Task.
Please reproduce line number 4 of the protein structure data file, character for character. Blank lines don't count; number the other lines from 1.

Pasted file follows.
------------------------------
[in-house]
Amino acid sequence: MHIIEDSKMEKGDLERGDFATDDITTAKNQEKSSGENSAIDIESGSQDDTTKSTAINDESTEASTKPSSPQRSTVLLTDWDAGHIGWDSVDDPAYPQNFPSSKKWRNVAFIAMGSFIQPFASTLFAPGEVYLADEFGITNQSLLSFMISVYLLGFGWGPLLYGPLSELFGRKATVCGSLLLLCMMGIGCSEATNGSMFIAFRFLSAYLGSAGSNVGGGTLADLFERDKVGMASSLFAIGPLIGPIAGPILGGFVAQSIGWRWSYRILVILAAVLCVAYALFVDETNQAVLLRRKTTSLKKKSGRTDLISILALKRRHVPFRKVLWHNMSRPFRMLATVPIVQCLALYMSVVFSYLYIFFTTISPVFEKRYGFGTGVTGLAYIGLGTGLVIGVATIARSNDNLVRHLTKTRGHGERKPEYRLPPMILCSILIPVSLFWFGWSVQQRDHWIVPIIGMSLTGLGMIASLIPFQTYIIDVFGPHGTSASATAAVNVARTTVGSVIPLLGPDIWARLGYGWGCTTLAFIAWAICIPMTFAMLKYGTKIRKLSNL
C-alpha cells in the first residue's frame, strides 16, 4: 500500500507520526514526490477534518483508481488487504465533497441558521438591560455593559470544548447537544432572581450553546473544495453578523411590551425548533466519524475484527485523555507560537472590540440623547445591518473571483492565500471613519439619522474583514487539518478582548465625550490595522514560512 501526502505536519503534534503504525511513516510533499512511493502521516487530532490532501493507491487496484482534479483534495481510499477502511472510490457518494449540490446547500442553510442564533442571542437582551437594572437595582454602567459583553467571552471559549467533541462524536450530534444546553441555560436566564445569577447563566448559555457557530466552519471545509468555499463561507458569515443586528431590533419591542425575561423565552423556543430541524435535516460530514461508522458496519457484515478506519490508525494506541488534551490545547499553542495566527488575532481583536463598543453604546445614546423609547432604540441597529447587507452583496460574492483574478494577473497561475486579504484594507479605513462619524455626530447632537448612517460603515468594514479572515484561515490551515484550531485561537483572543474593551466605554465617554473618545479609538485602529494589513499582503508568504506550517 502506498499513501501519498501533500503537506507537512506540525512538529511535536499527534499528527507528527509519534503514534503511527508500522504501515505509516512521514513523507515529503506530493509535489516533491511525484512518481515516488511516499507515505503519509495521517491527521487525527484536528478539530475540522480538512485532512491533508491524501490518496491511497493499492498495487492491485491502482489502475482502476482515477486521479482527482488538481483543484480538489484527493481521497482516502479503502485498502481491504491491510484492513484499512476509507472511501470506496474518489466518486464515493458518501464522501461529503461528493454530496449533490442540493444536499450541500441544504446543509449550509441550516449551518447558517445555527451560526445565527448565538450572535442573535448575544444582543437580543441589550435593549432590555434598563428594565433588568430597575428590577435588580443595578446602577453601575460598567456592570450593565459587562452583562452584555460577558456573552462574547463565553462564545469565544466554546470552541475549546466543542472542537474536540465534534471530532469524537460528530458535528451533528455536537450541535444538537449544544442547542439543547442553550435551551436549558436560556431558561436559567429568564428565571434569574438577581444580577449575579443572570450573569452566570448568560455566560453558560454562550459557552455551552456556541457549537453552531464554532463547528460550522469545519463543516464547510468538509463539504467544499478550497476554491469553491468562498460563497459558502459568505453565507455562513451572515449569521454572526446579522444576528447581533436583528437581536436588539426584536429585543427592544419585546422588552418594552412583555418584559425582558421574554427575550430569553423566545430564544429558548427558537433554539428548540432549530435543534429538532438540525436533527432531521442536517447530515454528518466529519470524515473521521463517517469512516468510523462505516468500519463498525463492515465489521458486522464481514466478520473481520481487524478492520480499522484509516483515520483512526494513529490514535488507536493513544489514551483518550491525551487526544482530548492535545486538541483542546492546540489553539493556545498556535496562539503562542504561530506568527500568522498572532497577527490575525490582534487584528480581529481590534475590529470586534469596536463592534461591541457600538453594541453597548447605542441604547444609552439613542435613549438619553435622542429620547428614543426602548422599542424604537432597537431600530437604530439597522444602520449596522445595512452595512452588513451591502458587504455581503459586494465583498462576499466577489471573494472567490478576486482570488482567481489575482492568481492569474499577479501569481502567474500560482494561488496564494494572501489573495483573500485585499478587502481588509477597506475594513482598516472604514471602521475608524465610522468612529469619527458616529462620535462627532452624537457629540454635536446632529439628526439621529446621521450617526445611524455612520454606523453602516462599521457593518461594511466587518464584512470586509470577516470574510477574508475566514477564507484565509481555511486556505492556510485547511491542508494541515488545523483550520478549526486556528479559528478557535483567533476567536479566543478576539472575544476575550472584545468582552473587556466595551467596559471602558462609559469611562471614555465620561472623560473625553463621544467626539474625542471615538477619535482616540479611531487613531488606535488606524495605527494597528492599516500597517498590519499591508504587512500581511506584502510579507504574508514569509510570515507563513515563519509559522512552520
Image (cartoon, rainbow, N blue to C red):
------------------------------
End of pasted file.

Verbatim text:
Image (cartoon, rainbow, N blue to C red):